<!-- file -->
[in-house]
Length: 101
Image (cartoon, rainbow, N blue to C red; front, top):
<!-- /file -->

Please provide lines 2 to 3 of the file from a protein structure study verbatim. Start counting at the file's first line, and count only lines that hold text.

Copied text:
Length: 101
Image (cartoon, rainbow, N blue to C red; front, top):